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Early Iranian Tests to Biden’s Middle East Policy

Early Iranian Tests to Biden’s Middle East Policy

Thursday, 4 February, 2021 - 05:00

In the early days of every US administration, there is always a period of introduction, exploration and testing intentions. However, many believe that this does not necessarily apply to Joe Biden’s administration, given his long political career in international affairs. On the other hand, as far as the Middle East is concerned, the two influential regional powers – Israel and Iran, without overlooking Turkey – enjoy a noteworthy presence in Washington; and although the American-Israeli strategic alliance remains above any change of government, Iran has succeeded during the last of couple of decades in building a strong and broad network of relations and interests.


Indeed, Iran’s tentacles have made it into the American media, oil lobby, Islamic associations, self-proclaimed ‘progressive’ groups, universities, think tanks and PR gangs.


While the Arab world was happy reminiscing about the ‘romantic’ notion of the ‘historical friendship’ with America, Iran’s lobby was diligently serving the interests of Tehran’s mullahs, opening before it to the doors to Washington’s decision making dark rooms.


Javad Zarif, the Iranian foreign minister, may not be a carbon copy of hardliners like Ibrahim Raisi or Qasim Suleimani, yet he has invested his efforts and knowledge in serving the latter's’ ‘'cause’', and greatly contributed during his college years and period of diplomatic service in building the Iranian regime’s active lobby in America.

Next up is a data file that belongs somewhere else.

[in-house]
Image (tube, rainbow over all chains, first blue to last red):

Several American Iranians, such as Professor Vali Nasr – the son of Professor Sayyid Hossein Nasr –, Professor Mohsen Milani, and many others surely disagree with some mullahs’ extremist absurdities or the provocative diatribes of the Revolutionary Guards (IRGC), but their choice is clear when choosing between defeating or tolerating Iran’s regional ambitions. They and others like them believe that Iran is the victim here; so, it has every right to defend itself. Furthermore, they do not seem to mind Tehran demonizing Arab Sunnis, beginning with Saddam Hussein – even before the former Iraqi leader – and ending up with holding them responsible for the atrocities of Al-Qaeda and ISIS.


Moreover, it seems that for a long time, there have been certain forces in Israel, as well as pro-Israeli American groups, that looked positively to the rise of Iran’s influence in Washington for various reasons, such as:


1- The cordial Israeli-Iranian relations during the reign of the Shah, and Iran’s old pivotal role in the Baghdad Pact (later CENTO) along with Turkey’s, and the old diplomatic relations between Israel and both Iran and Turkey.


2- The perception by many Iranians and Israelis of the Arab countries as a common enemy, especially, the regimes that took power in Egypt, Syria, and Iraq.


3- Despite the radical belligerent slogan of the Khomeinist regime, Iran shares no borders with Israel; thus, it poses no military threat to it.


4- Perhaps, the most important reason of all, the militaristic and blatantly sectarian Iranian would always create is divisive Islamic situation and an invaluable Sunni-Shiite conflict that perfectly serves the plans of the Israeli rightwing. Indeed when America’s NeoCons – most of whom were very close to Israel’s Likud Party – orchestrated the invasion of Iraq in 2003, Washington happily handed over occupied-Iraq to Iran. Later on, Paul Bremer, the ‘Transitional Governor’ of Iraq then, boasted that he ended centuries-old ‘hegemony of the Sunni minority’ there.